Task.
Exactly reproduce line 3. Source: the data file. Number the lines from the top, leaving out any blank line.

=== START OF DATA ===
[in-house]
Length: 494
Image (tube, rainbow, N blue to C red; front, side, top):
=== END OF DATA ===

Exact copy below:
Image (tube, rainbow, N blue to C red; front, side, top):